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High Acres to present new subdivision plan Dec. 6 to Signal Planning Commission

High Acres, Inc. plans to present their newest idea for a Signal Mountain subdivision-called Wild Ridge at Fox Run-at the upcoming Planning Commission meeting Dec. 6.

While Jack Kruesi of High Acres, Inc. said he didn’t want to give away too many details before presenting an overview of the plan to the Planning Commission, he did say the prospective subdivision would be unique if built.

“It will be arguably the most unique subdivision in Tennessee or maybe in the southeast in terms of what it will do and what it will offer,” he said. “It’s going to be very special.”

Signal Mountain Town Manager and staff support to the Planning Commission Honna Rogers speculated that the unique qualities Kruesi attributes to the subdivision must have something to do with its environmentally-friendly components, which include how the neighborhood’s sewage would be treated.

“From the preliminary drawings I’ve seen, it looks like a very nice subdivision,” Rogers said. “It looks like they’ve put a lot of thought into it.”

The new subdivision would be near Shackleford Ridge Road and come up toward the back of the exiting Fox Run neighborhood, though Rogers says she doesn’t think the plan allows access from Fox Run into the new neighborhood.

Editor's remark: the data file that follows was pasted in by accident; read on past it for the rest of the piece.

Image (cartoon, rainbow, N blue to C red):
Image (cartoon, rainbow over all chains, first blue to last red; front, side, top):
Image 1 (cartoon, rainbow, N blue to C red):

Rogers explained that the Dec. 6 meeting will only be the first of many planning meetings concerning the Wild Ridge subdivision. The plan by High Acres, Inc. has yet to be officially submitted for approval to the Regional Planning Agency. After giving an overview to the Planning Commission on Dec. 6, High Acres, Inc. must then submit the project to the RPA by Dec. 10, who will meet with Signal Mountain town officials and organizations such as the Waste Water Treatment Authority to decide whether or not to approve the plan as is, or whether or not to implement changes to the plan.

The Signal Mountain Planning Commission will review the final plan and provide a recommendation to the Town Council in January. The Council will then take a vote, and, if approved, further action can be taken with the subdivision, according to Rogers.

If approved, Wild Ridge would make the second subdivision approved for Signal Mountain within the time span of a year. Earlier in 2012, construction began on the Boulder Point subdivision off of Shackleford Ridge Road.

“We have been very pleased with the response,” said Tracy Smith, co-owner of Blue Hammer Homes, which is building the Boulder Point subdivision.

According to Smith, seven homes are currently under construction at various phases. Four of those homes are already sold to buyers, and the other three are available to buy. The subdivision contains 27 lots in all, each sized from 1 acre to 2.5 acres.

“Some of it’s due to the housing market improving throughout the county, but builders have to be OK with not getting on the sewer system,” said Rogers of the new developments on the mountain, still under the sewer moratorium.

The Planning Commission meeting takes place Thursday, Dec. 6 at 6 p.m. at Town Hall.

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